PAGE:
THURSDAY, December 9, 2021 (HealthDay News) – What do all the microbes that live in your gut have to do with rent-free risk of disease? Maybe a lot.
Revolutionary analysis decades-old stool and blood samples from the early ones AIDS the epidemic suggests that men who had high levels inflammation-causing bacteria in their intestinal tract could have a higher risk of HIV infection.
It is a specific composition of bacteria, fungi, algae and other unicellular organisms that colonize everyone’s digestive tract. Together they are known as intestinal microbiome.
“Hello intestinal microbiome is essential for many bodily functions, such as converting food into energy, fighting bad pathogens and maintaining the lining of our gut, “said study lead author Yue Chen, associate professor of infectious diseases and microbiology at the University of Pittsburgh.” Scientists are increasingly learning that it has other broad influences, including fighting cancer, influencing our behavior, and activating our immune response. ”
This new study found that men are infected in the early stages of HIV / AIDS pandemic they had more pro-inflammatory gut microbes before they became HIV positive than men who remained HIV negative.
Certain types of intestinal microbes appeared to be associated with faster progression from HIV infection to complete AIDS, research has shown.
The co – author of the study, Charles Rinaldo, said that he investigated the potential connection between microbiome and HIV / AIDS for most of the four decades.
The effort began at high speed after he and his colleagues in Pitt discovered a “treasure trove of samples” available for analysis – namely, 35-year-old stool and blood samples collected from a group of homosexuals since 1984.
They were all part of a Study by the American National Institutes of Health (NIH), and all samples were frozen.
This allowed researchers a new approach to samples from 265 men.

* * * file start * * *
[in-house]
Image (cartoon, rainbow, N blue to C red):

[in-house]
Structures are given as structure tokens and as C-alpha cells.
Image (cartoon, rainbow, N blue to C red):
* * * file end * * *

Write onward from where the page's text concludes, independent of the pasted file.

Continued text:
No one had HIV when they joined the NIH study. However, within a year of donating blood and stool samples, 109 were infected with the AIDS-causing virus.
21st century researchers have been told by their patterns.
“Participants who later became infected with HIV had a higher relative amount ‘Prevotella stercorea’ – bacteria that promote inflammation – and lower levels four ‘Bacteroides’ species known to be involved in the immune response, ”Chen noted.
Analyzes of blood samples also showed that participants who eventually became infected with HIV had higher levels of inflammation before they became infected, Chen said.
“My colleagues and I believe that the unfavorable intestinal microbiome worsened the immune response and fueled inflammation, making men more susceptible to HIV infection and less able to prevent the disease from progressing to AIDS in the time before antiretroviral therapy existed,” Chen said.
And although they are a scientific explosion of the past, the new discoveries could offer insight into addressing a range of current and new viral challenges, the researchers said.
“It’s important for us to understand that humans are complex organisms that host other complex organisms,” said Rinaldo, a professor of infectious diseases and microbiology.
“What we eat, our activities and exposure to the environment, and a number of other factors can affect how we react to a pathogen and whether we become seriously ill or have a benign infection,” he explained. “If the gut microbiome affects a person’s susceptibility to HIV in this way, it could do the same for other pathogens, such as COVID-19.”
Two experts agreed, who were not included in the study but reviewed the findings.
“Microbiome is one component of the way your body responds immune,” said Dr. Christina Price, head of clinical allergy and clinical immunology at Yale University in New Haven, Conn. She described the results as “interesting” and “extraordinary”, but not at all surprising.
Along with our skin, tears, mucus and saliva, the gut is one of the primary natural immune defense systems, added Lona Sandon of the Southwestern Medical Center of the University of Texas at Dallas.
Sandon commented on her own research on the apparent association between microbiome status and the risk of rheumatoid arthritis. That work, she said, showed that while “a healthy gut microbiome keeps the gut wall healthy,” microbial disorders can undermine gut protection from disease.
“If the microbiome creates an environment in which these tissues cannot respond effectively, then immunity will be negatively affected,” she said.
The new findings were published online Dec. 9 in the journal Microbiome.
Harvard University’s TH Chan School of Public Health has more on that microbiome.
SOURCES: Yue Chen, PhD, Associate Professor, Infectious Diseases and Microbiology, University of Pittsburgh; Charles Rinaldo, Ph.D., Professor of Infectious Diseases and Microbiology, University of Pittsburgh; Christina Price, MD, Head of Clinical Allergy and Immunology, Yale University, and Head of the Department of Allergy and Clinical Immunology, West Haven VA, New Haven, Conn .; Lona Sandon, PhD, MEd, RDN, LD, Program Director and Assistant Professor, Department of Clinical Nutrition, University of Texas Southwestern Medical Center, Dallas; Microbiome, December 9, 2021, online